Many believe there are some people ("sensitives" or "psychics") who can receive the thoughts of others, and even transmit their own thoughts to others. This direct mind-to-mind communication is often said to be instantaneous and independent of distance. Proponents sometimes claim all people have this ability to some degree, and that this explains many curious events in daily life, such as apparently pre-cognitive dreams. The catch-all term for this alleged ability is extra-sensory perception, or ESP (sometimes called "psi," like the Greek letter). Parapsychology is the term used for the serious study of such claims. So far, parapsychology seems to be a science that cannot even demonstrate that its subject matter exists, let alone offer explanations for it.
The claims for ESP fall into four general categories:
All the higher animals show the same fundamental organization of their sensory systems. The specialized cells (neurons) that form the central nervous system (CNS) of man and other higher animals are themselves insensitive to sensory stimuli. For each kind of important stimulus in the environment, animals have evolved highly specialized sensory organs. Each such sense organ contains unique, highly adapted cells that are sometimes called "transducers". Each stimulus in the environment involves a special kind of cellular activity. Vision involves direct detection of particles of light (photons). Hearing involves direct detection of organized wave motion of air molecules. Smell and taste involve direct detection of molecular shapes. Sensory organs (eyes, ears, nose) support the cells specialized to detect photons, molecular motion, and molecular shapes directly. These cells generate impulses that travel along nerve fibers and which are then processed in intermediate switching and coding areas, finally reaching the brain in a form that the brain can interpret.
The brain itself is insensitive to sensory information. If one opened a skull and exposed the living brain to light, sound, heat, smells, etc., the brain would be totally unaware of the application of these stimuli directly to its tissues. For obvious reasons, the sensory organs containing the transducers cells are located at or near the surface of the body in all animals, including humans. When we apply this universal rule of nature about informational input into the brain to claims for telepathy, we come up short on all accounts. Assume that a person's brain radiates some kind of "something" as she thinks. How would another person's brain ever know about it? Nowhere on the surface of the body is there a specialized organ that appears to lack a function, and which contains transducer cells sensitive to "unknown forces". Nor, contrary to popular myth, is there any large area of the brain whose function is unknown, and which might be responsible for reception and interpretation of signals from the hypothetical ESP organ.
Furthermore, in the course of evolution many kinds of animals have developed extremely acute senses of one kind or another (i.e., compared to those of humans). Dogs have much more highly developed sense of smell than do humans; hawks and eagles, more acute eyesight; bats, much wider range of hearing, etc. Where is the animal that has a much more highly developed ESP sense than humans? The ability to sense the presence of predatory animals that could not have been seen, heard, or smelled would confer such enormous advantages for its possessors that evolution should have made ESP as common as fur, claws, and moist noses. It has not happened. Could it be that no such sense organ exists because there is no stimulus for the organ to detect?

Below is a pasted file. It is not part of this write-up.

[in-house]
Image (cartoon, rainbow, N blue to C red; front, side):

Some persons argue that only human beings are capable of ESP communication; or, that only certain, special persons are so endowed. Comparative anatomy fails to show any evidence for the former contention. There is no information concerning the second notion.
A proponent of ESP could argue that telepathy differs from all other senses in that the brain itself is the telepathic sense organ. In this case the detected stimulus would require the penetrating power of x-rays or nuclear radioactivity in order to get through the skull to reach the brain! This brings us to the realm of physics, where ESP falls down as badly as in the realm of physiology.
Physicists have found, in 400 years of searching, only four fundamental forces in nature: gravity, electromagnetic force, and the strong and weak nuclear forces. All interactions between one bit of matter and another can be understood and precisely described in terms of just these four forces. Because these are now well understood, we know none of them could be responsible for the hypothetical ESP stimuli. What then, about a new force, unknown to science? A force sufficient to account for ESP is almost certain not to exist for the same reason that you can be fairly certain that there is no elephant in the room with you as you read this. There is not any room for it! If such a force existed, everything would be different from how we now see it, because the force would affect everything in some way. (To claim that it would have no observable effect is equivalent to claiming that it does not exist). Furthermore, all interactions in physics diminish as the inverse square of the distance between the interacting objects (or even more rapidly than that). All these interactions propagate at or below the speed of light. Proponents, in effect, say ESP violates these universal laws.